ATLANTA — Change management isn't what it used to be.
In the past, managers could start with a well-known process, said Jeremy Davidson, vice president of sales at Fortna. Begin with a future state and work backward to map out the change management process.
"There's a lot that's less known right now in this environment, and it poses some unique challenges with change management," Davidson told Modex attendees in Atlanta Monday.
Warehouse automation technology has advanced far beyond conveyor belts. Implementation of automated picking or mobile sortation can drastically change what a worker does on a daily, or even hourly, basis. The job function could take a 180-degree turn, from moving around and picking products to working in a large station where product comes to the worker, said John Seidl, partner at GreyOrange.
"This isn't handing them an RF gun and teaching them how to use it," Seidl told Modex attendees.
He said new technologies and job functions can result in different KPIs, too. Because of that, today's change management requires a strategic, often individualized approach, especially at a time when low unemployment has shrunk the available pool of workers and made retention a critical issue.
"You have to be thinking about labor from an onboarding, a training and a turnover perspective," said Roger Counihan, vice president of sales at Fortna. "We're seeing 80% turnover with some of our clients."
Turnover is especially problematic in areas with high concentrations of warehouses, as workers can jump ship for higher pay to a facility down the street.
When Amazon opened a Chicago facility with $15 hourly pay, 80 of the 220 workers at a 3PL in Chicago called in sick, Michael Wohlwend, managing principal at Alpine Supply Chain Solutions, told Supply Chain Dive. Pay is important, but it's only part of workers' calculus. Many eventually returned to the more favorable working conditions at the 3PL, he said.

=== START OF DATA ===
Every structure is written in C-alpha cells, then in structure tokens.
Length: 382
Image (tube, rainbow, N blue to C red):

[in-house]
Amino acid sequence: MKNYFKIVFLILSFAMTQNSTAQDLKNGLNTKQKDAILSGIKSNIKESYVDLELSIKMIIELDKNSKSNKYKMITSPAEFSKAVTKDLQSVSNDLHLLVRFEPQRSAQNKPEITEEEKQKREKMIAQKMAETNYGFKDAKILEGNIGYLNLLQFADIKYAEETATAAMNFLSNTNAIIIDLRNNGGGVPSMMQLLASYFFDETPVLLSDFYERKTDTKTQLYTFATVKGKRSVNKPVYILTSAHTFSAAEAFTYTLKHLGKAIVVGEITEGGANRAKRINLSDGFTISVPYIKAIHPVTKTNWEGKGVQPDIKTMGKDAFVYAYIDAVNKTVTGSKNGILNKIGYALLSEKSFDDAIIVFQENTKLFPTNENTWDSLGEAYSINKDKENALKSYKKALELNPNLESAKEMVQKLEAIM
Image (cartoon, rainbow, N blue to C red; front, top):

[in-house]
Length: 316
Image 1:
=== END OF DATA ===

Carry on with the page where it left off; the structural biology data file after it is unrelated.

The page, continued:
Counihan said mitigating retention issues and high turnover in warehousing often begins with making worker tasks simpler and easier. Robotics vendors have responded to operations managers' calls for solutions that automate functions while simultaneously improving the work environment.
Some automated tools reduce walking time (a major productivity drain), others remove the need for workers to bend or reach, and others take over repetitive tasks, freeing humans to focus on strategy. No worker wants to stand all day placing items from one tote into another, Vince Martinelli, head of product and marketing at RightHand Robotics, told Supply Chain Dive.
Regardless of the automation's function or how much it improves the labor environment, warehouses still require a top-down leadership approach to guide workers through the changing nature of their job functions.
"There are some very creative things being done around how you're going to account for labor performance and change management during the initial deployment," Seidl said.
He described one Chilean retailer's autonomous mobile robot (AMR) implementation and its piecemeal approach to change management. Instead of replacing all forklifts with AMRs, the retailer removed 80% of its forklifts, he said. Then the retailer made several of the top forklift drivers each responsible for four AMRs. Executives modified the labor management system (LMS) to monitor how well the AMRs performed and how well the forklift drivers performed as supervisors.
Today, the retailer uses forklifts to move product only during peak season. The remainder of the year, the forklifts are not in use.
The deployment of AMRs and strategy of making forklift drivers into robotic supervisors altered KPIs for the retailer, according to Seidl. Metrics go well beyond picker productivity to instead focus on the value that a picker adds to the overall business, he said.
"The people [who] understand how to leverage human resources to enable that broader value proposition are going to be the real winners," Seidl said.
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